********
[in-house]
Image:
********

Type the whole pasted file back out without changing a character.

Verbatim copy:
[in-house]
Image: